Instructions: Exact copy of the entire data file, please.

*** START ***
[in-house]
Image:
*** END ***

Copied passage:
[in-house]
Image: